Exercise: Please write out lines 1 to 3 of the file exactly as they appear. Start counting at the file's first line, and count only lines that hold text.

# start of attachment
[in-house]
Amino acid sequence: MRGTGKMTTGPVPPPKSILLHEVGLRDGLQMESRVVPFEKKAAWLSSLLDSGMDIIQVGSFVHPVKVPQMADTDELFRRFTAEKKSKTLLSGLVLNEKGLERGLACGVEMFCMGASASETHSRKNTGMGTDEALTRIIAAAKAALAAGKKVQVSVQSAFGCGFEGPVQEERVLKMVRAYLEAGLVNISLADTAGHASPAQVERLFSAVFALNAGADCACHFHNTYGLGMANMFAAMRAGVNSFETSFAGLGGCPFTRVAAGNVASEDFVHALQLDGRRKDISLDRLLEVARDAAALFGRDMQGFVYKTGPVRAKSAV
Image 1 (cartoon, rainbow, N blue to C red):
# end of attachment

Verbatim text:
[in-house]
Amino acid sequence: MRGTGKMTTGPVPPPKSILLHEVGLRDGLQMESRVVPFEKKAAWLSSLLDSGMDIIQVGSFVHPVKVPQMADTDELFRRFTAEKKSKTLLSGLVLNEKGLERGLACGVEMFCMGASASETHSRKNTGMGTDEALTRIIAAAKAALAAGKKVQVSVQSAFGCGFEGPVQEERVLKMVRAYLEAGLVNISLADTAGHASPAQVERLFSAVFALNAGADCACHFHNTYGLGMANMFAAMRAGVNSFETSFAGLGGCPFTRVAAGNVASEDFVHALQLDGRRKDISLDRLLEVARDAAALFGRDMQGFVYKTGPVRAKSAV
Image 1 (cartoon, rainbow, N blue to C red):